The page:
With another flight crew, the Phantom flown by Robin Olds on 2 January 1967, McDonnell F-4C-21-MC 63-7680, shot down a MiG 17 on 13 May 1967. It was itself shot down by antiaircraft fire while attacking a SAM site, 20 November 1967. The Weapons System Officer, 1st Lieutenant James L. Badley, bailed out and was rescued, but the pilot, Captain John M. Martin, was not seen to leave the aircraft and is listed as Missing in Action.

Colonel Robin Olds shot down two MiG-17 fighters with this McDonnell F-4C-21-MC Phantom II, 63-7680. (U.S. Air Force)
Colonel Robin Olds shot down a MiG 21 interceptor with this McDonnell F-4C-21-MC Phantom II, 63-7680, photographed at Ubon RTAFB, sometime between March and November 1967. (Photograph by Frank R. MacSorley, Jr.)

© 2019, Bryan R. Swopes

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About Bryan Swopes

Bryan R. Swopes grew up in Southern California in the 1950s–60s, near the center of America's aerospace industry. He has had a life-long interest in aviation and space flight. Bryan is a retired commercial helicopter pilot and flight instructor.

19 thoughts on “2 January 1967

  1. This is probably the epic F-4 painting, however, it has two issues. It currently is part of the collection of Ferris paintings at NASM, and has hung in prominent positions. Ferris was a key part of the museum even before its opening, and painted the wonderful image of B-17s under attack that covers the complete back wall of the WWII gallery.

    Unfortunately, at the 1976 museum opening, this F-4C painting was displayed as shown …. actually turned 90 degrees clockwise from Keith’s intended display, with the F-4C climbing and rolling inverted to dive on the MiG below the canopy. Now attached to the back is a sticker indicating “This Side Up” with an arrow.

    Also, despite Old’s error in memory, s/n 7680 had the AAA-4 infra red seeker blister on the bottom of the radome, as seen in photographs of the plane. Yeah, it does look better “dorkless” and that probably affected Olds’ memory. Ferris offered to make the change, but the museum declined.

    Cheers, Bob

    1. Thank you, Bob. I knew about the correct orientation and originally had posted it that way, but I thought people might be confused. I will change it back. I wish that I had a better image, but I understand the copyright holder’s reluctance to allow that, as prints are still offered for sale.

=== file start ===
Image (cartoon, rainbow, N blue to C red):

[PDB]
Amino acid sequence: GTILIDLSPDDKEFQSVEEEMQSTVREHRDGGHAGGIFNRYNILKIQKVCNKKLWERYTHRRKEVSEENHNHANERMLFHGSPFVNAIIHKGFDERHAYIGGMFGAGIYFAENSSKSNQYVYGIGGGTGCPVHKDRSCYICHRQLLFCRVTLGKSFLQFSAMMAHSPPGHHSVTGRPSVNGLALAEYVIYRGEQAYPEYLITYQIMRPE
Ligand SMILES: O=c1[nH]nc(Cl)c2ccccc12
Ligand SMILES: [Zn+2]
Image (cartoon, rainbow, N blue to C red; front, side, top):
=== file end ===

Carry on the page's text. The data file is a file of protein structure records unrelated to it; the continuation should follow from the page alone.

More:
1. Thank you very much, Tom. I was relying on the caption that came with the photo from the NMUSAF website: “DAYTON, Ohio — Mikoyan-Gurevich MiG-21PF “Fishbed” at the National Museum of the United States Air Force. (U.S. Air Force photo)”

      I appreciate your correcting me, and thank you for your compliment.


  2. Point of interest Bryan – if you’re ever up at NASM on the DC mall to look at Keith’s fabulously huge portrait of the B17 “Old Thunderbird” , look VERY closely at the “blue line” under her right wing outboard of #4 and you’ll see that its actually the names of all of the guys in the AF/XOXF fighter division! They went over there as he was painting her & he put their names up (very discretely of course)! Also, if you look at his famous painting of the B-52 in pre-contact, you may be interested that he painted himself in the IP seat! We had that original in the CINCSAC’s outer office and one day while I was manning the Exec’s desk who should come waltzing in but Keith himself (“to see his painting”….)

    1. I heard that the wife of Old Thunderbird’s pilot visited NASM and recognized him in the painting. I’ve always placed Keith Ferris at the top of my list of favorite aviation artists. One of the squadron assembly rooms at USAFA had a mural of an F-4C viewed nearly head on, firing a missile. It was very dramatic.

  3. Actually the F-4 was dork less at least via the photos taken by Olds crew chief on the morning of the operation which I have several shoots of.

  4. Greetings from England Bryan and a happy New Year for 2016.

    Just seen and like the article on Robin Olds and his Bolo kill.

    However I do disagree with the comment that his jet that mission, namely 63-7680 had a Navy radome with chin pod fairing when flying that day.

    It did not.

    It was fitted with the then new clean ‘ Air Force ‘ radome in late 1966 as per the latest mods for the F-4C at that time.

    A picture can be found in the publication Grumman Horizons, Volume 8 Number 1 on page 17. The article it helps to illustrate was written by Phil Combies describing Bolo. It is a small image but it clearly shows the jet on the taxi way as ‘ 680 ( FP ) ‘ and her nose is devoid of that chin pod.

    The Ferris painting is thus correct in that regard and Robin Olds had no such memory lapse. And to coin a phrase the jet was indeed ‘ dorkless ‘ on that day.